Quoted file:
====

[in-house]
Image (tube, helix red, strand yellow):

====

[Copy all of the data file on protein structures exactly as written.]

[in-house]
Image (tube, helix red, strand yellow):